Village Fears Future Flooding
The latest planning proposals for the village of Clyst St Mary from the Development Agents, Jones Lang LaSalle, (who represent the previous and present linked companies of Friends Provident/ Friends Life/F & C Reit/BMO Real Estate and Aviva) have been submitted to East Devon District Council for consideration under Planning Application 16/2460/MOUT. However, the development proposals include 150 residential dwellings plus employment and community units on areas of the decommissioned Aviva Insurance headquarters at Winslade Park that lie within a flood zone!
The Developers recently held a Public Consultation in the Clyst St Mary Village Hall displaying their future plans for consideration and requesting comments by the residents to enable these to be incorporated into their overall masterplan. The photographs below were forwarded to them showing the extensive flooding that was experienced in this area when the Grindle Brook burst its banks at this time last year on 30th December 2015 and it was emphasised that certain zones, in this vicinity, flood frequently and these areas were, therefore, not considered to be suitable for residential, workplace or community development.
The link below identifies the current flood risk and shows the vulnerability of the Winslade Park site, proving that substantial future flood defences are essential, although the Environment Agency website states that “flood defences do not completely remove the chance of flooding and can fail in extreme weather conditions.”
Sadly, the Developers have chosen not to take local representations from the Public Consultation into consideration and have continued with their development proposals on areas of land subject to High Risk (Flood Zone 3) classification by the Environment Agency.
At present the East Devon Villages Plan 2016 is also in the process of Public Consultation to consider new built-up area boundaries for certain villages (including Clyst St Mary), with a Planning Inspector determining where such future development boundaries should be defined. However, the Developers’ inappropriate planning applications for development on flood plains at Winslade Park could now be considered for a decision by the East Devon District Council’s Development Management Committee before the residents of Clyst St Mary have the opportunity to put forward their comments on this site to the Government Inspector. This seems to be totally undemocratic and certainly not fully representational, being not in accordance with the main principles directing the devolution of decision-making to local people in the Localism Act.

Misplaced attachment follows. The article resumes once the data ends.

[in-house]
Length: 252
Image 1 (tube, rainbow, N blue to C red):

Mark Wilson is the Group Chief Executive of Aviva. This huge company is one of the linked companies associated with this proposed development at Winslade Park. Wilson was named in 2016 as one of Britain’s 500 most influential people who have made a difference to British society. He was noted for finalising the £5.6 billion acquisition of Friends Life with the resulting merger turning Aviva into one of the UK’s largest investors managing £300 billion plus assets.
Writing in The Telegraph in 2014, Mark Wilson emphasised that there should be a halt on building on “defenceless” flood plains. He stated that “As a nation we need to build more homes, but the cost of development must include the cost of defences.” His mantra continued “Let’s be crystal clear: no defences, no development. We can’t stop the weather, but we can act in unison to minimise the impact of extreme events and we know that the threat is only going to increase, with scientists predicting greater flood frequency and extreme weather as a result of climate change. Although the current focus for us all is coastal and river flooding, surface water flooding is a major concern. More homes, driveways and car parks all contribute to more water flowing into the system, and flowing quickly.”
He acknowledged that flooding is one of the most traumatic events that any householder or business can face, with families forced out of their homes, valuable and much-loved possessions being ruined and businesses struggling to trade. He was aware that it can be many months before the drying-out process is completed and subsequent repairs can commence and that being the Chief Executive of Aviva, the UK’s largest insurers, he understood the emotional cost, trauma and feeling of vulnerability that comes with flooding.
Even with the Flood Re scheme which guarantees affordable insurance for households in flood-prone areas, surely it would be prudent not to create the problem by developing on areas at risk of flooding, thus sparing the necessity for future flood insurance claims on those same areas. Specific localities of the village of Clyst St Mary have a history of flooding with the images below showing the areas outside The Half Moon public house and Frog Lane in 1946.
Consequently, the residents of Clyst St Mary applaud the views of Mark Wilson, Group Chief Executive of Aviva, and hope that his strong opinions on flooding and huge influence will have a direct effect on the development proposals by the Insurance Group incorporating Aviva for the residential, workplace and community areas at Winslade Park, Clyst St Mary that lie within a flood zone!
Let’s be crystal clear: no defences, no development
Photographs of recent flooding